Innovation in medicine can span a wide range of activities. It encompasses not only improving an existing intervention, using an existing intervention in a novel way, or translating knowledge from one clinical context into another but also developing or implementing new technologies to enhance diagnosis, treatment, and health care operations. Innovation shares features with both research and patient care, but it is distinct from both.

When physicians participate in developing and disseminating innovative practices, they act in accord with professional responsibilities to advance medical knowledge, improve quality of care, and promote the well-being of individual patients and the larger community. Similarly, these responsibilities are honored when physicians enhance their own practices by expanding the range of tools, techniques, or interventions they employ in providing care.

Individually, physicians who are involved in designing, developing, disseminating, or adopting innovative modalities should:

(a) Innovate on the basis of sound scientific evidence and appropriate clinical expertise.

(b) Seek input from colleagues or other medical professionals in advance or as early as possible in the course of innovation.

(c) Design innovations so as to minimize risks to individual patients and maximize the likelihood of application and benefit for populations of patients.

(d) Be sensitive to the cost implications of innovation.

(e) Be aware of influences that may drive the creation and adoption of innovative practices for reasons other than patient or public benefit.

When they offer existing innovative diagnostic or therapeutic services to individual patients, physicians must:

(f) Base recommendations on patients’ medical needs.

(g) Refrain from offering such services until they have acquired appropriate knowledge and skills.

(h) Recognize that in this context informed decision making requires the physician to disclose:

    (i) how a recommended diagnostic or therapeutic service differs from the standard therapeutic approach if one exists;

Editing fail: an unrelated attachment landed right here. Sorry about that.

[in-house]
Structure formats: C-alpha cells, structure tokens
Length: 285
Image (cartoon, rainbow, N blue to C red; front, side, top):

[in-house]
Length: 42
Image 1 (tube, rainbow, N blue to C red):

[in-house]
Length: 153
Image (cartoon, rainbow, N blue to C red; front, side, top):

(ii) why the physician is recommending the innovative modality;

    (iii) what the known or anticipated risks, benefits, and burdens of the recommended therapy and alternatives are;

    (iv) what experience the professional community in general and the physician individually has had to date with the innovative therapy;

    (v) what conflicts of interest the physician may have with respect to the recommended therapy.

(i) Discontinue any innovative therapies that are not benefiting the patient.

(j) Be transparent and share findings from their use of innovative therapies with peers in some manner. To promote patient safety and quality, physicians should share both immediate or delayed positive and negative outcomes.

To promote responsible innovation, health care institutions and the medical profession should:

(k) Ensure that innovative practices or technologies that are made available to physicians meet the highest standards for scientifically sound design and clinical value.

(l) Require that physicians who adopt innovations into their practice have relevant knowledge and skills.

(m) Provide meaningful professional oversight of innovation in patient care.

(n) Encourage physician-innovators to collect and share information about the resources needed to implement their innovations safely, effectively, and equitably.

AMA Principles of Medical Ethics: V, VIII

Code of Medical Ethics: Patient-Physician Relationships

Visit the Ethics main page to access additional Opinions, the Principles of Medical Ethics and more information about the Code of Medical Ethics.

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